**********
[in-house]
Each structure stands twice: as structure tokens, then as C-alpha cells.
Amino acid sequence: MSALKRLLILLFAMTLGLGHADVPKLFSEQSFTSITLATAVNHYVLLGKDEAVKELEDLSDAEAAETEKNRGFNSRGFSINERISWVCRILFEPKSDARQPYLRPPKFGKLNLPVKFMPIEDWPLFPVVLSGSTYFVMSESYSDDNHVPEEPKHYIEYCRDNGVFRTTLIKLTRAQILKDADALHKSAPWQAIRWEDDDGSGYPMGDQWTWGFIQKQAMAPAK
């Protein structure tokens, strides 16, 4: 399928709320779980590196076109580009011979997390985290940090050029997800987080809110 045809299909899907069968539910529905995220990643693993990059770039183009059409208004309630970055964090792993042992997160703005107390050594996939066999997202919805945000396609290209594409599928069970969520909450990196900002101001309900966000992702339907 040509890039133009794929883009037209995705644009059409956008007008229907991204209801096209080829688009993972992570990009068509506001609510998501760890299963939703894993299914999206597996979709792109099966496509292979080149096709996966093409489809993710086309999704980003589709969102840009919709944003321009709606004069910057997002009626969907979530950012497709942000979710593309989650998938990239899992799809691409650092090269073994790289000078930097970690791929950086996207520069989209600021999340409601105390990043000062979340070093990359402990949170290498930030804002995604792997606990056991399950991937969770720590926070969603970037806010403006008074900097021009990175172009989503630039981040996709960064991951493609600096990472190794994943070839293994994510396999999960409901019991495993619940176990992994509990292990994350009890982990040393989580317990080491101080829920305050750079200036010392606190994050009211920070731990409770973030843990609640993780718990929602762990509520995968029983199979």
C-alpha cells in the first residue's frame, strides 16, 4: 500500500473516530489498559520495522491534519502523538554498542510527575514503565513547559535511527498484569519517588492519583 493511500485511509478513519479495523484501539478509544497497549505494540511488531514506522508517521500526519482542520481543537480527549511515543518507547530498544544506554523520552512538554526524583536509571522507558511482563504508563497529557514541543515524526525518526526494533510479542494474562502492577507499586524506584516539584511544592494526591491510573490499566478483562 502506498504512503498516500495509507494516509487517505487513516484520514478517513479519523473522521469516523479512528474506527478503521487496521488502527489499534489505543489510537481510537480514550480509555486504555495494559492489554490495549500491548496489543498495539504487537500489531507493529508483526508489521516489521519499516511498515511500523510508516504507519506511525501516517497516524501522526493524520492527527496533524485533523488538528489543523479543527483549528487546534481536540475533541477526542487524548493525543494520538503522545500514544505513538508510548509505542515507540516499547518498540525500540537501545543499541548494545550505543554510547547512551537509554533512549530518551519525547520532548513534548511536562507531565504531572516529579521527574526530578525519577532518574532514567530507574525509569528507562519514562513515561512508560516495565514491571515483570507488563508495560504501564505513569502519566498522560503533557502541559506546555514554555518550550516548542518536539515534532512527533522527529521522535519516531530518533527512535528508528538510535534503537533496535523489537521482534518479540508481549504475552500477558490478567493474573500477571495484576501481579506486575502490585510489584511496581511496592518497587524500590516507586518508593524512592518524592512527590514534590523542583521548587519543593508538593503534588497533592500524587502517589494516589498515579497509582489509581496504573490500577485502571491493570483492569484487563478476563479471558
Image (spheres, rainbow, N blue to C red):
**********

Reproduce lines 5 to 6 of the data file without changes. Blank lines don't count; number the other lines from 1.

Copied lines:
C-alpha cells in the first residue's frame, strides 16, 4: 500500500473516530489498559520495522491534519502523538554498542510527575514503565513547559535511527498484569519517588492519583 493511500485511509478513519479495523484501539478509544497497549505494540511488531514506522508517521500526519482542520481543537480527549511515543518507547530498544544506554523520552512538554526524583536509571522507558511482563504508563497529557514541543515524526525518526526494533510479542494474562502492577507499586524506584516539584511544592494526591491510573490499566478483562 502506498504512503498516500495509507494516509487517505487513516484520514478517513479519523473522521469516523479512528474506527478503521487496521488502527489499534489505543489510537481510537480514550480509555486504555495494559492489554490495549500491548496489543498495539504487537500489531507493529508483526508489521516489521519499516511498515511500523510508516504507519506511525501516517497516524501522526493524520492527527496533524485533523488538528489543523479543527483549528487546534481536540475533541477526542487524548493525543494520538503522545500514544505513538508510548509505542515507540516499547518498540525500540537501545543499541548494545550505543554510547547512551537509554533512549530518551519525547520532548513534548511536562507531565504531572516529579521527574526530578525519577532518574532514567530507574525509569528507562519514562513515561512508560516495565514491571515483570507488563508495560504501564505513569502519566498522560503533557502541559506546555514554555518550550516548542518536539515534532512527533522527529521522535519516531530518533527512535528508528538510535534503537533496535523489537521482534518479540508481549504475552500477558490478567493474573500477571495484576501481579506486575502490585510489584511496581511496592518497587524500590516507586518508593524512592518524592512527590514534590523542583521548587519543593508538593503534588497533592500524587502517589494516589498515579497509582489509581496504573490500577485502571491493570483492569484487563478476563479471558
Image (spheres, rainbow, N blue to C red):